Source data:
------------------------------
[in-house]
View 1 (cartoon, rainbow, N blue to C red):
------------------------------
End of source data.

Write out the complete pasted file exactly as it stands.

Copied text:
[in-house]
View 1 (cartoon, rainbow, N blue to C red):